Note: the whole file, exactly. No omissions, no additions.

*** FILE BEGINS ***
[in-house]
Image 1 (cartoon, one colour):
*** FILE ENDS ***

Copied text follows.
[in-house]
Image 1 (cartoon, one colour):